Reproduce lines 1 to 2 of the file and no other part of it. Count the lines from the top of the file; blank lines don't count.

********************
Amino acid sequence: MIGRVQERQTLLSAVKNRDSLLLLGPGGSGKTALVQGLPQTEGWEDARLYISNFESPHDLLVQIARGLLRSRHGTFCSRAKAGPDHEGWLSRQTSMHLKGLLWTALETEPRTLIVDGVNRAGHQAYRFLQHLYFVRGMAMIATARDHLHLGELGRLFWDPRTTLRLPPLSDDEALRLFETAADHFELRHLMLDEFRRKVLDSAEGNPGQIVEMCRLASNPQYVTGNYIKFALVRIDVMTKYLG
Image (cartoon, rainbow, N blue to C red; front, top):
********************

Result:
Amino acid sequence: MIGRVQERQTLLSAVKNRDSLLLLGPGGSGKTALVQGLPQTEGWEDARLYISNFESPHDLLVQIARGLLRSRHGTFCSRAKAGPDHEGWLSRQTSMHLKGLLWTALETEPRTLIVDGVNRAGHQAYRFLQHLYFVRGMAMIATARDHLHLGELGRLFWDPRTTLRLPPLSDDEALRLFETAADHFELRHLMLDEFRRKVLDSAEGNPGQIVEMCRLASNPQYVTGNYIKFALVRIDVMTKYLG
Image (cartoon, rainbow, N blue to C red; front, top):